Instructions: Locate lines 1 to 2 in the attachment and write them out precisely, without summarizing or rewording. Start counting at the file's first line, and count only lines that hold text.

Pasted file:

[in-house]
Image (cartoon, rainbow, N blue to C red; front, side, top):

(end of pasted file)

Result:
[in-house]
Image (cartoon, rainbow, N blue to C red; front, side, top):